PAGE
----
For example, I gave a paper for the History of Education Society conference in Birmingham, England, in December 1995: “The Symbiotic Embrace: American Indians, White Educators, and the School, 1820s–1920s.” I used a plan developed from a full essay of the same title, to be published by the society’s History of Education. Part of section two of my plan went like this:

II. Indian Schooling (c. 1800–c. 1900)

    1. Early 19c: many Americans desired immediate removal. Little concern for tribal rights.
    2. Other Americans: influential groups hoped to reconcile just treatment and removal. Drew on Colonial missionary examples.
    3. The “Christian Civilization”: missionaries, federal government officials, “Friends of Indians”—Indians must convert and “civilize” or face extinction. “Unused land” in exchange for Christianity and “civilization.” A fair bargain? Genuine concern and/or cynical rationalization? The school—crucial to program of “uplift” (ignorance of tribal educational practices).
    4. Federal government–missionary cooperation, early 19c. (Ironic, in light of Constitution?). After mid‑century, gov. began to dominate the relationship.
    5. Developments: 1819: Congress provided “Civilization Fund,” $10,000; 1824: 32 missionary schools being helped. c. 900 pupils. Office of Indian Affairs (War Department); 1832: Commissioner of Indian Affairs (CIA); 1870: $100,000 appropriation for Indian education.

Obviously, the speaker must be highly familiar with the subject matter to work from such a plan. But, if one has been researching in the field, it is not exceptionally difficult to turn the brief lines above into longer, freely spoken passages, and to link them to the broader issues of the section, and to “the red line” of the paper. Relying on visually clear headings and subheadings, I proceed from section to section. Occasionally I even read out quotations and statistics—no point in trying to memorize these when I can have them in front of me. If I lose a detail or forget an idea, I can check the notes and continue. If I lose my train of thought, I rely on honesty. I may even ask the audience, “Where was I?” I find the place in the notes, and continue.

Apart from allowing a more free delivery of ideas, such an approach has other advantages, for me at least. I can stretch or tighten my paper, according to the demands of the conference, or if a preceding speaker deprives me of some of my allotted time (which does happen). From the same plan I can give a two‑hour or a fifteen‑minute paper. I develop a good sense of the major elements in my argument, and I find it relatively easy to manipulate sections “on the spot.” I can drop certain details or even sections, summarizing them, without breaking the overall coherence. This would be more difficult to do, I feel, working from a fully written paper in which every idea is textually linked to the next, and if one feels dependent upon a full text.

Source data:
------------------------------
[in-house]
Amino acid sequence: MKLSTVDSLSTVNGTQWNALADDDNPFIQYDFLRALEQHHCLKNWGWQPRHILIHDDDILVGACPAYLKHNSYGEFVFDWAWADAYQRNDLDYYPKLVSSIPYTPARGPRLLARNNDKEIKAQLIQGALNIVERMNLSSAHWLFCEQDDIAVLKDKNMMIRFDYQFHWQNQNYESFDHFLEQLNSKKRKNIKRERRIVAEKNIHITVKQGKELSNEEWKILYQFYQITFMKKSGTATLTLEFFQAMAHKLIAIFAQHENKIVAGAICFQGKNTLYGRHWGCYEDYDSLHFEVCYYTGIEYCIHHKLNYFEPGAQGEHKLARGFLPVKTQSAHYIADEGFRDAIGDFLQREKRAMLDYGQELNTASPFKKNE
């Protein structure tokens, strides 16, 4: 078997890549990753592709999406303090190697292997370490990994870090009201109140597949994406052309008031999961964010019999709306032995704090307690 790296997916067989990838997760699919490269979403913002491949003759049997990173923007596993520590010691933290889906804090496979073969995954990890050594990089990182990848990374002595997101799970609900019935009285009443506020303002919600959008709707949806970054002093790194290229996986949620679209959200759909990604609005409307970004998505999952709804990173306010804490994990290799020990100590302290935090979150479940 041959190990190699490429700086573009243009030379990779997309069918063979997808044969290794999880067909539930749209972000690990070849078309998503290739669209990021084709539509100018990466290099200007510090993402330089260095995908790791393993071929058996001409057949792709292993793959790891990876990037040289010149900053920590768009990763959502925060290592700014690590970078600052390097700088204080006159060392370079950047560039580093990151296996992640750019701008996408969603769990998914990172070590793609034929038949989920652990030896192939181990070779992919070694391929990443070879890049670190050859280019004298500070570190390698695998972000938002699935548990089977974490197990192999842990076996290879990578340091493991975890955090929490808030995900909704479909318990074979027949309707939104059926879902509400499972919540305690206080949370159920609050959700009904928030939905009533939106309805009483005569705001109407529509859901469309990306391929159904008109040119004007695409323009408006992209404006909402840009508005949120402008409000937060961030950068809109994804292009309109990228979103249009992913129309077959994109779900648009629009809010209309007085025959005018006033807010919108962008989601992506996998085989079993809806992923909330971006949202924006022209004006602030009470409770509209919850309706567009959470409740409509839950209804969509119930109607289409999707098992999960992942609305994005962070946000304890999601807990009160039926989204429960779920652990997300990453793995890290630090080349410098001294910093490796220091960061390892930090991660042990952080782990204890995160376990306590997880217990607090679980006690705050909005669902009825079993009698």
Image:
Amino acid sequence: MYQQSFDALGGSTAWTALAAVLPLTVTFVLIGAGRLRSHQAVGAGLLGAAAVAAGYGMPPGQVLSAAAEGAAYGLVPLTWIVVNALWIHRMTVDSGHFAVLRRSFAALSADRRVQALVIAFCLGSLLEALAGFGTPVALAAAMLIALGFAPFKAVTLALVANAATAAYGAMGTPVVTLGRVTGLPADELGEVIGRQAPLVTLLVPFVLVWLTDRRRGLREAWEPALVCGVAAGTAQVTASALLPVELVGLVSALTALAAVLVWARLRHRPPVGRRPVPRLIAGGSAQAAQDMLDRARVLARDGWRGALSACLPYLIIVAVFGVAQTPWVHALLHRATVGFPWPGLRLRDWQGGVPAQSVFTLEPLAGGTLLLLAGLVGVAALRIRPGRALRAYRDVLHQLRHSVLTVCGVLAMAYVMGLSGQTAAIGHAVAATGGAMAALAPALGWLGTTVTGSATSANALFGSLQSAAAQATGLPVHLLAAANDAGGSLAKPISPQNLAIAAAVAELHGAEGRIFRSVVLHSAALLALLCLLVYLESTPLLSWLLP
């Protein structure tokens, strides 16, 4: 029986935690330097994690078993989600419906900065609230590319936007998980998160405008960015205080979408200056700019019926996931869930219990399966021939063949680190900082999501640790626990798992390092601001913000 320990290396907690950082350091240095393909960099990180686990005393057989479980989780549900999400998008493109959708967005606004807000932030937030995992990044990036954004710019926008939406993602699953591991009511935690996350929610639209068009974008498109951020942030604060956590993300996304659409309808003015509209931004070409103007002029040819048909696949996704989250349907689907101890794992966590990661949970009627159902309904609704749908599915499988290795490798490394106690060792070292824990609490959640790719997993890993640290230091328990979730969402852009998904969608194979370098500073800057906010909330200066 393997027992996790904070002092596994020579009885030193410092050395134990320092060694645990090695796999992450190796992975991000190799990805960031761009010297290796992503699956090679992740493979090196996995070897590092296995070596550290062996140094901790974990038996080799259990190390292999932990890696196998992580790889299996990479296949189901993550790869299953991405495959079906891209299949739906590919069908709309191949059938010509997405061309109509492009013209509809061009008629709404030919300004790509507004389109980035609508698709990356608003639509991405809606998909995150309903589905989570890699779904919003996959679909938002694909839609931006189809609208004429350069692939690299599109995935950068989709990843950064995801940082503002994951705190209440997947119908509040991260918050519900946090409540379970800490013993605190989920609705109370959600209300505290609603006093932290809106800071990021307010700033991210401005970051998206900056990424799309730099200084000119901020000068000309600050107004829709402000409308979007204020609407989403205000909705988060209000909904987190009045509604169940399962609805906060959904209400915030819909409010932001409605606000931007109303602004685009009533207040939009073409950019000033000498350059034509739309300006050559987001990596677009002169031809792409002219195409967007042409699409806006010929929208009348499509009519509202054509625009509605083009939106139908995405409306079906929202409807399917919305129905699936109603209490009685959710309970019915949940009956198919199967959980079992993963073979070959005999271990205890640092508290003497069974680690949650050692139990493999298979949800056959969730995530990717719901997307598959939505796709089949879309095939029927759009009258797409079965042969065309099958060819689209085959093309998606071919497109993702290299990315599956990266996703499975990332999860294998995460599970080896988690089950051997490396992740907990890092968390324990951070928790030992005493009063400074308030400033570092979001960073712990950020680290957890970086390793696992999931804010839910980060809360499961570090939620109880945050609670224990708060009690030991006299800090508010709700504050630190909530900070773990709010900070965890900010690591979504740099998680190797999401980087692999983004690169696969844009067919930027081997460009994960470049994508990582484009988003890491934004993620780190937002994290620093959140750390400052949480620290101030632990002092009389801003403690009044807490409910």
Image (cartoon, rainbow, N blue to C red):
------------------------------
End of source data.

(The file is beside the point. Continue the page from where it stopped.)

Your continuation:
Of course, such an approach requires confidence. And “effortless” confidence is actually based on hard work, on both adequate research and careful preparation—no winging it! Above all, no memorizing of written text. The speaker must be prepared to rely on his or her ability to freely articulate ideas, guided by the plan and familiarity with the field. Go on—take the plunge! And encourage rising generations of historians to do likewise.

Another vignette to end this somewhat preachy piece. At a European conference my friend and I sat with mounting interest as an American scholar introduced her subject. Eloquently and freely she brought us into her research methods and sources, and prepared us for what was shaping up to be a real intellectual treat. “Now,” she said, in complete change of tone, “I will read my paper.” My friend, an American who always freely delivers animated papers, looked at me and said, “Uh oh.” Just so.

—Michael C. Coleman is a lecturer in the Department of English, a docent in the Department of General History, and director of the North American Studies Program at the University of Jyväskylä, in Finland. He received his B.A. in history from University College Dublin in 1970 and his Ph.D. in American history from the University of Pennsylvania in 1977. He has published American Indian Children at School, 1850–1930 (1993) and Presbyterian Missionary Attitudes toward American Indians, 1837–1893 (1985). His articles and reviews have appeared in journals in the United States, Canada, Scandinavia, Ireland, and England.